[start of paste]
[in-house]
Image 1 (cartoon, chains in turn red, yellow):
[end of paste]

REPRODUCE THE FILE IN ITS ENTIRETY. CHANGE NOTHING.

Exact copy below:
[in-house]
Image 1 (cartoon, chains in turn red, yellow):